Purchase this article with an account.
Thomas V. Papathomas, Xiaotao Su, Anshul Jain, Henry Uzochukwu; The saliency of luminance and color (diagnostic and anti-diagnostic) in images. Journal of Vision 2006;6(6):248. doi: https://doi.org/10.1167/6.6.248.
Download citation file:
© ARVO (1962-2015); The Authors (2016-present)
Objective: Examine saliency of luminance/color, and test diagnostic/anti-diagnostic colors.
Methods: Used two sets of 8 512×512 images: diagnostic colors (example: red cherry); anti-diagnostic colors (yellow strawberry). Images contained 3×3 arrays of fruits/vegetables. Procedure within each set:
For each image, k=1–8, obtain (from HSV coordinates) the luminance image Lk (set H=S=0), and the color image Ck (set V to fixed value).
Form low- (l) and high-pass (h) versions (sigmas 38 and 10 pixels, respectively), resulting in 9 variants for each Fk: original Fk, Lk, Ck, and filtered versions, Flk, Fhk, Llk, Lhk, Clk, Chk.
Consider all possible pairs of images k and m, and form all composites Ikm with the color component of one variant and the luminance component of the other (2–9 such images for each pair).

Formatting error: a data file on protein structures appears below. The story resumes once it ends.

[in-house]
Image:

Observers reported whether composite image Ikm resembled more Fk or Fm for all 684 ((9x8/2)x18) composites. We report on averages of 7 observers, who obtained very consistent patterns.
Results: 1) Lk dominated Cm, Clm and Chm at rates above 62%, 97%, and 95%. 2) Llk was dominated by Cm, Clm or Chm at rates above 90%. 3) Lhk dominated Clm and Chm at rates above 80%, but lost to Cm at above 62%. There were no major differences between diagnostic- and anti-diagnostic-color sets.
Conclusions: Generally, luminance is more salient than color. High-frequency components are dominant for both. Diagnostic colors were not advantageous over anti-diagnostic colors in our experimental design; experiments with single-item images and additional sigma values are in progress.
This PDF is available to Subscribers Only